Garret Peck (photos by the author)
Wednesday night I attended a talk on Prohibition in DC by local author Garrett Peck. He’s got a new book on the subject, developed as a result of his research for his first book, along with the knowledge he’s amassed leading the Temperance Tour. Much as it is now, DC was a playground for politicians who wanted to try out new rules. Prohibition was thus imposed on the District in 1917 by politicians who, privately (and sometimes publicly) didn’t themselves care much for or about the law.
Peck pointed out in his talk that there were more speakeasies in DC during Prohibition than there had been legal drinking establishments before it. It wasn’t illegal to possess alcohol, it was just illegal to produce it, sell it, or transport it across state lines. The assumption had been that the District (and later the country) would just drink itself dry and that would be the end of that. As you might guess, things didn’t work out that way.
One of the most interesting tidbits was on the so-called Man in the Green Hat, a bootlegger named George Cassiday. He was famous for two reasons: first, for ten years during Prohibition he had offices in US Government buildings, first the House Office Building, and then (after a bust) the Senate Office Building. Second: he wrote about his work for the Washington Post while Prohibition was still in effect.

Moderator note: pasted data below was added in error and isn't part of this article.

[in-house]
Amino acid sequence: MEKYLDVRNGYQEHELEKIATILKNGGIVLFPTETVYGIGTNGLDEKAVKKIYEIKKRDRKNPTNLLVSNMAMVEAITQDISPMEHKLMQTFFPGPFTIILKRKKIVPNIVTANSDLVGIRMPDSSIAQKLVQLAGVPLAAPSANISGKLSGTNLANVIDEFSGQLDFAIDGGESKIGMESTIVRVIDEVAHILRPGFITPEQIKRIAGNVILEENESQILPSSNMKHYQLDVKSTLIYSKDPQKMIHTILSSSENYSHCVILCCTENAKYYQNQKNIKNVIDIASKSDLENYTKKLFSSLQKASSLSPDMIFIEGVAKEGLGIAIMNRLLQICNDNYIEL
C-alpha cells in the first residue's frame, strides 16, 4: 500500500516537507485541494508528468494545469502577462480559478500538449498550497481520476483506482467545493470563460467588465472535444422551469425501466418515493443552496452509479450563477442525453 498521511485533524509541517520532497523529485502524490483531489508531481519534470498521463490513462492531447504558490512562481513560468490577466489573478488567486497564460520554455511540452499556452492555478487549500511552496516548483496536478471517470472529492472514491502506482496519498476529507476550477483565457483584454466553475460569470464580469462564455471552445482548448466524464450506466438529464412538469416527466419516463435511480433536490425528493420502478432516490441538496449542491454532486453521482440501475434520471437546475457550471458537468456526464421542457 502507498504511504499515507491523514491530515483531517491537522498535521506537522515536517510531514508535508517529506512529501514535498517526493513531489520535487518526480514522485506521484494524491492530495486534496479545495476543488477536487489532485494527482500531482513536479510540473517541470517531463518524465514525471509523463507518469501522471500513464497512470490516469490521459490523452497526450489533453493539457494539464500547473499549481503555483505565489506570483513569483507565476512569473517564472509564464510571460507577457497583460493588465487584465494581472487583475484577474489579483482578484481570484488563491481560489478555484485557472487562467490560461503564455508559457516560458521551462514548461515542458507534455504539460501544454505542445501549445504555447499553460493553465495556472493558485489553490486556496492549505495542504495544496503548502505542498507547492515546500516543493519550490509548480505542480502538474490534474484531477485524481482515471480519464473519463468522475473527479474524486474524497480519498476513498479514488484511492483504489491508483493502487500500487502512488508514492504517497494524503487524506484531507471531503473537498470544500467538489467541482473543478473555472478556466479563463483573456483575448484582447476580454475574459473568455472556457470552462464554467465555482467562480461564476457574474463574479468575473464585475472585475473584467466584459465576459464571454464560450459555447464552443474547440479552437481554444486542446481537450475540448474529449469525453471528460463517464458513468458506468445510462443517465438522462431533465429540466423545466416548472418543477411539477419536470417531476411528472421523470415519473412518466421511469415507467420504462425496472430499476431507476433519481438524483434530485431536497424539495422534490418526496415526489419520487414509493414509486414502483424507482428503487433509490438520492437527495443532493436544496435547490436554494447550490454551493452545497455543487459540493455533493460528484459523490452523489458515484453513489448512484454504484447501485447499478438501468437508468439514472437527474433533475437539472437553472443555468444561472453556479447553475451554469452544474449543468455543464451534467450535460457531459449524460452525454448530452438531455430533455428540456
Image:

Another interesting revelation was in the slides that accompanied the talk (all of which are also to be found as plates in the book). In 1932 a pro-repeal organization called the Crusaders produced a map of speakeasy busts in the District during 1931 – 1,155 of them. It was published in newspapers nationwide. There are clusters along 7th St NW, K St NW, and across from the Navy Yard, and three marked as having occurred on government property (one just a few hundred feet from the offices of the Anti Saloon League). Oddly enough, Cassiday was arrested in 1930, so the busts in 1931 involved other bootleggers to Congress.
Peck pointed out the locations of several breweries in DC that were permanently shuttered by Prohibition. The Safeway on the Hill was once a brewery (and also an ice cream plant, thanks to its refrigeration capabilities). Few of the buildings exist in those forms today. He also highlighted the locations of the Anti Saloon League offices (no longer standing) and the Methodist Board of Temperance, Prohibition and Public Morals (now the United Methodist General Board of Church and Society). More sites can be seen on the next Temperance Tour.
I enjoyed the talk and look forward to reading the book in its entirety. If you’re interested in the history of Prohibition and its effects, you can also check out Peck’s first book, along with Daniel Okrent’s excellent history of Prohibition Last Call, and Iain Gately’s exhaustive Drink: A Cultural History of Alcohol (both available from the DC Public Library and wherever quality books are sold).